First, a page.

4. “Have you tried…”
It’s natural to want to help people, and our first response when someone tells us something we perceive to be a problem is to give them advice and help them come up with a solution. The problem is that this often isn’t what people want or need. If you don’t have arthritis and you’re implying to someone who may have lived with the condition that you know more about it than them, or that they clearly don’t know enough about their own condition, it can feel pretty disrespectful and annoying - plus the advice could actually be harmful if you don’t understand arthritis very well. If someone has arthritis, chances are they’ve tried many things and know or are in the process of figuring out what works for them. If someone asks you for advice then feel free to give it, but otherwise focus on listening, supporting and understanding. Ask them what they have tried and if they saw any benefit before offering other suggestions. It’s important to listen rather than lecture as you do not know the position they are in.
5. “But you could do that last week, you’re just making excuses”
When you’re living with arthritis, not every day is the same. Some days you may feel energetic and fairly comfortable in your body and be able to do lots of things, and then another day you may be in a lot of pain and have to take it easy. Chronic illness is often up and down and there are good days and bad days. Making someone feel bad for not having a good day every day is just going to make them feel worse. Instead, have some compassion, maybe offer some support if it’s desired and be open to adjusting plans to accommodate everyone’s current abilities.
6. “Just think positively: being negative is making it worse”
It’s true that your mind is very powerful and changing your mindset can do wonders for your life. However, being allowed to express your individual truth and be congruent with yourself and others is also super important. No amount of positive thinking or affirmations will change the fact that someone may be in very real pain which is having a massive impact on their life. If someone reaches out to you and wants to talk to you about their experience, they probably just want you to listen and be there for them - not make them feel worse by saying all their problems would be solved if they just ‘thought more positively’. If you feel that someone you know living with arthritis has become more negative or they are struggling with their mental health in any way, a trained therapist can help teach tools to manage and process. For some people this can be a daunting step so offer to help, some therapists will even allow a friend to come in as a first step.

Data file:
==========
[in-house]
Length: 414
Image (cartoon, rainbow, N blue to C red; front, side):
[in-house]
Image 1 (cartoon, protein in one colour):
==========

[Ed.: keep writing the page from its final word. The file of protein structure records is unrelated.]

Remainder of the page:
7. “I know someone with arthritis and they can do X, so why can’t you?”
No two people are the same, and no two cases of arthritis are the same either. There are different levels of arthritis which specify how much cartilage has been damaged, and this can make a massive difference in terms of how the arthritis impacts an individual. As mentioned above, arthritis isn’t always the same every day. Someone may have loads of energy and capability one day and really struggle with their mobility the next. You don’t know what it’s like to be someone else, and telling someone that someone with the same condition can do things they can’t may simply not be true and can also be really hurtful. Living with arthritis can be deeply frustrating as it is. Instead of comparing and judging, try to have compassion and be supportive instead. Try having an open conversation with them, ask them if there is something the two of you could do together that might just give them the confidence to trying something recommended by their doctor.